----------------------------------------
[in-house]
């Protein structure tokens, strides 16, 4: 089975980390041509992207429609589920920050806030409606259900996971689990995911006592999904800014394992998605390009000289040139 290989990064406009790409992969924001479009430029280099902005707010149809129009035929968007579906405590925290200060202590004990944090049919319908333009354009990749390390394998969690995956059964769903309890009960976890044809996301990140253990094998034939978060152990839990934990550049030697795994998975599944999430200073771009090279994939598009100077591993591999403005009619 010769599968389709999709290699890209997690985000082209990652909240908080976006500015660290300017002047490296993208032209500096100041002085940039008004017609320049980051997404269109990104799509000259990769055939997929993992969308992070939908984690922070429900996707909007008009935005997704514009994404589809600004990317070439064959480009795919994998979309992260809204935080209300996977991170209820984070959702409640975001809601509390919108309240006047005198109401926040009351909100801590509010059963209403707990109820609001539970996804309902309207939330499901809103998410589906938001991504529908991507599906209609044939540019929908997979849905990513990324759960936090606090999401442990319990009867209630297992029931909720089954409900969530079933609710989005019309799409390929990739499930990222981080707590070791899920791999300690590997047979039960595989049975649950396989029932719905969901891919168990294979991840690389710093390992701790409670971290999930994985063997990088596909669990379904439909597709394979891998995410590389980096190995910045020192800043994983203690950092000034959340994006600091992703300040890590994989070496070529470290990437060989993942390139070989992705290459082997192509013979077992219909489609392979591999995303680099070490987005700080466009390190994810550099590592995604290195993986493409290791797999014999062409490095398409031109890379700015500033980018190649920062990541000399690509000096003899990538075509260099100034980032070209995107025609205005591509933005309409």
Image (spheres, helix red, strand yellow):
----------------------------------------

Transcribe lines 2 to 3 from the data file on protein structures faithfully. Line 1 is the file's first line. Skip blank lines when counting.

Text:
């Protein structure tokens, strides 16, 4: 089975980390041509992207429609589920920050806030409606259900996971689990995911006592999904800014394992998605390009000289040139 290989990064406009790409992969924001479009430029280099902005707010149809129009035929968007579906405590925290200060202590004990944090049919319908333009354009990749390390394998969690995956059964769903309890009960976890044809996301990140253990094998034939978060152990839990934990550049030697795994998975599944999430200073771009090279994939598009100077591993591999403005009619 010769599968389709999709290699890209997690985000082209990652909240908080976006500015660290300017002047490296993208032209500096100041002085940039008004017609320049980051997404269109990104799509000259990769055939997929993992969308992070939908984690922070429900996707909007008009935005997704514009994404589809600004990317070439064959480009795919994998979309992260809204935080209300996977991170209820984070959702409640975001809601509390919108309240006047005198109401926040009351909100801590509010059963209403707990109820609001539970996804309902309207939330499901809103998410589906938001991504529908991507599906209609044939540019929908997979849905990513990324759960936090606090999401442990319990009867209630297992029931909720089954409900969530079933609710989005019309799409390929990739499930990222981080707590070791899920791999300690590997047979039960595989049975649950396989029932719905969901891919168990294979991840690389710093390992701790409670971290999930994985063997990088596909669990379904439909597709394979891998995410590389980096190995910045020192800043994983203690950092000034959340994006600091992703300040890590994989070496070529470290990437060989993942390139070989992705290459082997192509013979077992219909489609392979591999995303680099070490987005700080466009390190994810550099590592995604290195993986493409290791797999014999062409490095398409031109890379700015500033980018190649920062990541000399690509000096003899990538075509260099100034980032070209995107025609205005591509933005309409």
Image (spheres, helix red, strand yellow):